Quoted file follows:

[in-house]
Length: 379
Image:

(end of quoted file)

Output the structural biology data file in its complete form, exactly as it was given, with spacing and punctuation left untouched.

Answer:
[in-house]
Length: 379
Image: